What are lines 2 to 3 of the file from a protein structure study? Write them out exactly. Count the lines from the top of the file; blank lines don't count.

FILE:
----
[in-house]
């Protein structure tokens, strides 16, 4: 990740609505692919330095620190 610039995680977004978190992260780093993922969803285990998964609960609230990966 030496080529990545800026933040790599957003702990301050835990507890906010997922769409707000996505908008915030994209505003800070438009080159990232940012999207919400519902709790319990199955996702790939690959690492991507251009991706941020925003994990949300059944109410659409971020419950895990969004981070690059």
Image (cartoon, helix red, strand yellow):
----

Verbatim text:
């Protein structure tokens, strides 16, 4: 990740609505692919330095620190 610039995680977004978190992260780093993922969803285990998964609960609230990966 030496080529990545800026933040790599957003702990301050835990507890906010997922769409707000996505908008915030994209505003800070438009080159990232940012999207919400519902709790319990199955996702790939690959690492991507251009991706941020925003994990949300059944109410659409971020419950895990969004981070690059």
Image (cartoon, helix red, strand yellow):